Open your eyes and your mind and leave all your problems and worries at the entrance. For only $10 you can stay the whole day, have a picnic, feed the goats, and bring your kids along.


See you at the Safari; Leon wants you to have a great time!


Safari Trial Day One: Gentry Wild Life Safari 1 - SWEPCO 0‏

1. The jury condemnation trial is about how much SWEPCO will pay the Safari owner. SWEPCO is taking the ROW by force, using eminent domain granted by APSC. The highlight came when the Safari Appraiser, an expert witness unchallenged by the SWEPCO attorney and his legal team, said unequivocally the entire Safari Park 4 is useless. Safari Park 4 value is zip, zero, zilch. We will find out tomorrow how much the jury will award the Safari for the over 100 acres of Park 4, all the expenses of moving the wildlife, dead animals, vet bills, and the cost of building another park with fences, roads, ponds, barns and everything needed to operate. The key to the appraiser determination are strict USDA regulations for safety and management of the exotic and endangered animals that used to live in Safari 4, closed now.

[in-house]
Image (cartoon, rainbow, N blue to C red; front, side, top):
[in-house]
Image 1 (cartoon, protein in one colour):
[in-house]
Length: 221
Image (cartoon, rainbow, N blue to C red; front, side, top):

2. Surprisingly, no mention was made at all of the safety of SWEPCO workers while they work in the easement, easy prey for the wild animals. Apparently SWEPCO does not care much for these workers. No weapons are allowed, they will have to enter at their own risk, and run very fast!


3. Several expert witnesses discussed stray voltage, electrical fields, magnetic fields, corona noise increasing with humidity in volume and loud enough to be heard far away from the ROW. A clear distinction was made between the voltage and health hazards of 69,000 Volt transmission lines and 345,000 Volt extreme high voltage lines, five times higher than what we see on the roads. The higher voltage creates stronger magnetic and electric fields and increases the health hazards 5X, not safe for people, pets, or wildlife. This is called Dirty Electricity and is a serious public health concern. The effects increase with the time of exposure and the proximity to the line. Children at Garfield Elementary, for example, will spend over 7,000 hours with a tower in the playground. Would you send your children to Garfield Elementary? They will have a nice tan year around and in their last year they may glow in the dark!